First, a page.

The President of the United States takes pleasure in presenting the Navy Cross to Thomas A. Burchick, Hospital Corpsman Third Class, U.S. Navy, for extraordinary heroism in connection with military operations against an armed enemy of the United Nations while serving as a Corpsman attached to the FIRST Marine Division (Reinforced), in action against enemy aggressor forces in Korea on 29 May 1951. Serving as a Medical Corpsman in a rifle platoon, Hospital Corpsman Third Class Burchick was moving with the platoon over precipitous terrain in the attack of a strongly defended enemy hill position. When the order to fix bayonets was given, he, realizing that the platoon was under strength and needed every man in the assault, courageously fixed his bayonet and charged forward with the riflemen. The enemy opened up immediately with intense and accurate automatic weapons and small arms fire, and two men fell wounded. Moving without hesitation through the heavy fire to reach them, he skillfully rendered first aid, and then seized an automatic rifle from one fallen man and in defense of the wounded he continued the assault, storming a bunker and capturing three enemy soldiers. When he had expended his ammunition, he quickly seized an enemy machine gun and charged forward again through withering enemy fire, and was in the first wave to sweep over the crest of the hill. Observing four enemy troops who had been by-passed in the assault preparing to fire on his comrades behind him, he shouted a warning to a comrade and opened fire, killing the enemy soldiers. When groups of enemy opened fire from concealed bunkers, causing further casualties, he fearlessly and with complete disregard for his own personal safety advanced to within scant feet of the bunkers to drag the wounded to safety. When the position had been secured, an enemy mortar barrage hit the position, causing several more casualties, and he himself was painfully wounded. Disregarding the severe pain of his wounds he moved again through heavy enemy fire to reach them and render first aid. Throughout the difficult assault, his aggressiveness, great personal bravery, and professional skill while under enemy fire were an inspiration to all who observed him and aided materially in the success achieved by the company. Hospital Corpsman Third Class Burchick's display of outstanding courage and devotion to duty was in keeping with the highest traditions of the United States Naval Service.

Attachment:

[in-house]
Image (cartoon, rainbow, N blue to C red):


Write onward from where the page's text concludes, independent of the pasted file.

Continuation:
*CHRISTENSEN, THOMAS ANDREW, JR.
Citation:
The President of the United States takes pride in presenting the Navy Cross (Posthumously) to Thomas Andrew Christensen, Jr. (4167756), Dentalman, U.S. Navy, for extraordinary heroism in connection with military operations against an armed enemy of the United Nations while serving as a Corpsman attached to the First Amphibian Tractor Battalion, FIRST Marine Division (Reinforced), in action against enemy aggressor forces at Kowan, Korea on 6 November 1950. Dentalman Christensen was serving as a Corpsman with a railroad train guard when the train was ambushed by a strong enemy force while stopped in Kowan, Korea. The train was subjected to heavy enemy fire and numerous casualties were suffered. With absolute disregard for his own personal safety, he fearlessly exposed himself to enemy fire to treat wounded Marines and move them to positions of cover. When the enemy attacked the train the second time, he was mortally wounded by enemy fire and gallantly gave his life for his country. His aggressive actions, while subjected to intense enemy fire were an inspiration to all who observed him. Dentalman Christensen's display of outstanding courage and devotion to duty were in keeping with the highest traditions of the United States Naval Service.
Home Town: Philadelphia, Pennsylvania

CHURCHILL, JOE VERNON
Synopsis: